6) Project Takes Too Long, Key Founders Move On
Even with a proof of concept, funding (or not), and a team that is trying their best to create, improve, and sell a product, the lives of the founding team do not become any easier. While they may feel a slight bit more stability, there are still enormous difficulties like cut-throat competition within their market, cost of acquiring customers and monetizing them for more than it cost to get them, scaling the product, etc. All this takes time even in the best scenario where the company is growing. Al this takes time and to state the obvious, time is a funny thing. It can change people, their ambitions, attitudes, beliefs, goals, family situations and much more. Over the course of a few years a number of the founding members may leave. Some are replaceable and some are often not. While the common saying is that “everyone is replaceable,” it is often not true in startups because often there is one engineer who knows a crucial part of the code or a person with the vision and the true leader; or the one sales person who has accounted for nearly all the revenue. If these people leave, the organizations become like chickens running around without a head. They might kick and scream, run around and make a mess, but ultimately they will die.
7) Business Model Can’t Support Founding Team
This point is consistently echoed in nearly all other points because it is so pertinent. To keep the ship flowing, fuel is absolutely necessary. And money is the fuel that keeps companies going. We have covered how difficult it is to get money from investors. If possible, the best rout is often to position the company to earn money on its own. There is a startup term to the effect of being “noodle soup profitable” meaning that the company should make just enough money to keep its founding team afloat. The dollar amount for break-even can vary with the founding teams. If the founding team consists of one modest person, they can likely break even at $2,000 monthly income which would enable them to survive and worry less about money and more about building the company. On the other hand, if the founding team is full of ex-VP’s who need to support families or mortgages and can not dip below 10k monthly salary, the playing field changes quite a bit. This is pre-beginner cost structure overview, but it has to be understood since it is often difficult to monetize online users who are difficult to bring to your site in the first place.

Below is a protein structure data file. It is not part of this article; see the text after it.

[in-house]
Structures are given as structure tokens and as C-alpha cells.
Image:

8) Founders Get Funding But Can’t Get the Product Right
There are many companies struggling along with an ever-changing product. The product doesn’t change in its core, but rather in its look, usability and minor features. The founders try to get it right, but get lost in overwhelmingly different customer and focus-group feedback. It isn’t as much of a problem as it used to be because the idea of following a vision while listening to customer needs is a great guide to finding the balance between the two. Nevertheless, an ever-changing product can be confusing to existing and new customers, harder and costlier to market and continuously augment, and can be a sign of a weak CEO who is not able to make sharp and crisp decisions.
9) Product Can’t Find Market
Some companies get pretty far. They may get investment or are able to survive on their own, and even get a mature product to market that garners some attention. Things seemingly go well, but the product is never able to reach beyond a certain audience. Typically “early adopters” try out the product because it perks their attention, and the company is able to survive on that wave of revenue and consumer interest for a while, but is not able to reach beyond the early adopter market. Reasons for this are many. Sometimes the product is only marginally better than something people are already used to, or isn’t helpful to a wide enough group, or costs too much, or is just poorly marketed. There are many reasons why some products never grow beyond a certain reach. We are just pointing out that a common cause of startup failure is simply that the company is just not able to attract a wide enough audience, often resulting in failure.
10) Founders Get Funding, Company Doesn’t Take Off, Founders Stall and Create Illusions
I left this interesting scenario for last. Sometimes it is clear that a failure is impending to everyone except the investors. Customers laugh at the company and leave, employees quietly come to work and go home, while collecting a paycheck, and the executive team makes things look amazing from the vantage point of the people who invested in the company and help find further sources of funding. Sometimes the executive team spends most of the money on marketing in order to attract some users, and be able to show user growth to the investors to placate them. Sometimes the team bonds and does show good teamwork, making the investors reluctant to disband a solid team. There are many possibilities, so when evaluating or trying to make sense of a startup, considering who in the company is benefiting from maintaining the status quo and where the gaps look too big to make sense.